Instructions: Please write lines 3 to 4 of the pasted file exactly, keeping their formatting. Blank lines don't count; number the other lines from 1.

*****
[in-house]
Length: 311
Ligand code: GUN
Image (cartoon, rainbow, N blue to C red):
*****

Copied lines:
Ligand code: GUN
Image (cartoon, rainbow, N blue to C red):